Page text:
Saturday, November 19, 2011

Charles and Ray Eames

Charles Eames Jr. and Bernice Alexandra "Ray" Eames were American designers who majorly contributed to the field of modern architecture and furniture. This husband and wife duo also made great strides in the areas of industrial and graphic design, fine art and film.

At the age of 14 Charles Eames began to learn about engineering, drawing and architecture as he worked part-time at the Laclede Steel Company in St. Louis, Missouri. After graduating from high school, Eames focused on architectural studies at Washington University but was dismissed or dropped out shortly after. As a result, this up and coming designer opened his own architect practice with Charles Gray and Walter Pauley.

One of Eames most notable influences was Finnish architect Eliel Saarinen. At the request of Saarinen's son Eero, Charles Eames moved to Michigan to continue on in his architectural studies at the Cranbrook Academy of Art. At Cranbrook, Eames taught and climbed up the ranks to become the head of the industrial design department.

Alongside Eero, Eames created furniture for New York's MOMA "Organic Design in Home Furnishings" competition. Over the course of this competition the duo displayed a new technique of wood moulding which had originally been introduced by Alvar Aalto. Eames would later continue to develop this technique and channel it into plywood products such as chair, in addition to splints and stretchers for the U.S. Navy in World War II.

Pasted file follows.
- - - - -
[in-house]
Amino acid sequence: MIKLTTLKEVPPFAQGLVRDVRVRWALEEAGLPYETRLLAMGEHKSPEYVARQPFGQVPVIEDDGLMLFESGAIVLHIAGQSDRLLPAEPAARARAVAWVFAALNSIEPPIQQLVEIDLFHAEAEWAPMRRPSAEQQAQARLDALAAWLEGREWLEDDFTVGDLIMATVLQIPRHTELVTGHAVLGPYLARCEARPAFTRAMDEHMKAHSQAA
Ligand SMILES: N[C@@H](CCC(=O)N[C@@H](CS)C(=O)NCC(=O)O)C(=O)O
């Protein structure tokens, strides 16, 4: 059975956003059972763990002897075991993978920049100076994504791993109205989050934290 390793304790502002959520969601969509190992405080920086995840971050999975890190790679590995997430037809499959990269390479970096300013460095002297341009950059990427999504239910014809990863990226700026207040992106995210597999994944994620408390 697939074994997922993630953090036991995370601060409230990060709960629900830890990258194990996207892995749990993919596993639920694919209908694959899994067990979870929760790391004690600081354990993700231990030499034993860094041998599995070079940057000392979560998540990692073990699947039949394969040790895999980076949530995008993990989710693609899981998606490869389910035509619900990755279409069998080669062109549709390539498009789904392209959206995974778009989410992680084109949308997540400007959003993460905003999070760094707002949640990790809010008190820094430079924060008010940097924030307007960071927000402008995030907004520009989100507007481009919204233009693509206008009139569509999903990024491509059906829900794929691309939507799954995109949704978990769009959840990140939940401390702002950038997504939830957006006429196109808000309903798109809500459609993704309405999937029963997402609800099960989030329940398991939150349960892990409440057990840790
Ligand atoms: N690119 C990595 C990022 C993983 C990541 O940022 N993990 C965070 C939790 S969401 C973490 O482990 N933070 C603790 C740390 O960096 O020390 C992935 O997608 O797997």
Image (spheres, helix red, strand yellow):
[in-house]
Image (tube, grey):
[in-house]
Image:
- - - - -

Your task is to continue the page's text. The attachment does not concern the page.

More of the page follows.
Ray Eames was also an American Artist and designer, as well as a filmmaker who helped Charles to come up with numerous iconic designs of the 20th century. Unlike her husband, Ray got her start studying abstract painting with Hans Hofmann.

As designers, Charles and Ray led the way in creating innovative technologies such as fiberglass, plastic resin chairs and wire mesh chairs, as well as the dining chair metal plywood seat. The office of these influential designers continued on for over four decades in Venice, California and included other recognizable designers Harry Bertoia and Gregory Ain. In 1956 the couple narrowed their focus in creating The Lounge which was an iconic piece of furniture spanning from the 1960s to the 1970s.

Besides creating innovative designs, Charles and Ray Eames also made their mark in the film industry. One of Charles and Ray's most known films is an American documentary short film titled "Powers of Ten." This piece demonstrates the Universe in relative scale in factors of ten.

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